According to the backward trajectory analysis shown in Fig. 9, the aerosol pollution in the pronounced aerosol layers around 5 km (4 February, 11:00 UTC, Fig. 8a) and 4 km height (4 March, 11:00 UTC, Fig. 8b) originated from central and western European regions (4 February) and from Russia and the Black Sea area (4 March). The height-resolved trajectory analysis indicated that most of the aerosol circled around in the Arctic (at latitudes >70∘ N) for several days before crossing the Polarstern.
In Fig. 10, the optical properties of Arctic haze for the two cases are illustrated. The figure shows 12 h (4 February) and 18 h (4 March) mean height profiles of the basic lidar products (backscatter, extinction, extinction-to-backscatter ratio). The long signal averaging times were needed to keep the signal-to-noise-related uncertainty below 10 % (backscatter coefficient), 20 % (extinction coefficient), and 25 % (lidar ratio). In both cases, we found a near-surface layer of up to about 2.5 km height and a separate lofted aerosol layer of up to 5 and 7 km height. A clear wavelength dependence of the backscatter and extinction coefficients was found on 4 March, as expected for fine-mode-dominated particles in the Arctic (Quennehen et al., 2012) consisting of a mixture of anthropogenic haze and fire smoke (Wang et al., 2011). The Ångström exponent for the extinction coefficient was around 1.7 in the lofted layer above 3 km height, and the lidar ratios were high with values of up to 100±15 sr. This is indicative of the presence of small, strongly light-absorbing particles.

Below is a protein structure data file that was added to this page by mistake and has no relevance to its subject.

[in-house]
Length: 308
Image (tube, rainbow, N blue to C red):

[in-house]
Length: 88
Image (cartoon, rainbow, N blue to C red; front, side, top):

On 4 February 2020 (Fig. 10a), the aerosol optical properties were less well defined, the extinction coefficients were almost equal at both wavelengths (355 and 532 nm), and the noisy lidar ratios at 532 nm were larger than at 355 nm in the lofted layer above 3 km height, which is typical for aged wildfire smoke as discussed in the foregoing section. The lidar ratios were lower than on 4 March; i.e., less absorbing particles were present. The volume depolarization ratios (not shown) were rather low in both cases and indicated the dominance of aerosol pollution. The 532 nm AOT was close to 0.025 (4 February, for the lowest 7 km height) and 0.02 (4 March, for the lowest 5 km) and thus considerably lower than the UTLS smoke AOT of about 0.04–0.05. The uncertainty in the tropospheric AOT values is about 20 %.
The values for the 532 nm extinction coefficients of 2–8 Mm−1 in the lower layer (up to 2.5 km height) and 1–7 Mm−1 in the lofted layer above 3 km height are in good agreement with CALIPSO lidar observations (Di Biagio et al., 2018; Yang et al., 2021). Di Biagio et al. (2018) showed 14 d mean and layer mean values of 2–8 Mm−1 (0–2 km layer), 2–10 Mm−1 (2–5 km), and 1–2 Mm−1 (5–10 km layer) measured in the area from 5–25∘ E (north of Svalbard) and 80–82∘ N in February and March 2015. Yang et al. (2021) analyzed 13 years of CALIPSO observations (June 2006 to December 2019) for the Arctic (entire area from 65 to 81.8∘ N) and found winter mean extinction values of 2–4 Mm−1 (2–6 km height) and around 2 Mm−1 (6–10 km height).